Multidrug Resistant Pseudomonas aeruginosa Causing Prosthetic Valve Endocarditis: A Genetic-Based Chronicle of Evolving Antibiotic Resistance.

Research paper by T Nicholas TN Domitrovic, Andrea M AM Hujer, Federico F Perez, Steven H SH Marshall, Kristine M KM Hujer, Laila E LE Woc-Colburn, Mark M Parta, Robert A RA Bonomo

Indexed on: 24 Oct '17Published on: 24 Oct '17Published in: Open forum infectious diseases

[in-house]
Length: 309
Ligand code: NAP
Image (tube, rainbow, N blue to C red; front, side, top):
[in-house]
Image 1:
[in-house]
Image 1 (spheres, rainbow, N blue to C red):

Background.  Successful treatment of infections caused by multidrug-resistant (MDR) Pseudomonas aeruginosa is thwarted by the emergence of antibiotic resistance and biofilm formation on prosthetic devices. Our aims were to decipher the molecular basis of resistance in a unique case of prosthetic valve endocarditis (PVE) caused by MDR P. aeruginosa. Methods.  Five sequential MDR P. aeruginosa blood isolates collected during a 7-month period were recovered from a patient suffering from PVE previously exposed to β-lactam antibiotics. Minimum inhibitory concentrations (MICs) of several classes of antibiotics were used to indicate clinical resistance characteristics; relatedness of the isolates was determined using multilocus sequence typing and repetitive sequence-based polymerase chain reaction. Amplification and sequencing of regulatory and resistance genes was performed. Results.  All isolates belonged to ST 298, possessed blaPDC-16, and were resistant to fluoroquinolones and carbapenems. In the course of therapy, we observed a >2-fold increase in cephalosporin resistance (4 µg/mL to >16 µg/mL). Sequencing of the AmpC regulator, ampR, revealed a D135N point mutation in cephalosporin-resistant isolates. Common carbapenemase genes were not identified. All isolates demonstrated a premature stop codon at amino acid 79 of the outer membrane protein OprD and mutations in the quinolone resistance-determining regions of gyrA and parC. Point mutations in nalC, an efflux pump regulator, were also observed. Conclusions.  In this analysis, we chart the molecular evolution of β-lactam resistance in a case of PVE. We show that mutations in regulatory genes controlling efflux and cephalosporinase production contributed to the MDR phenotype.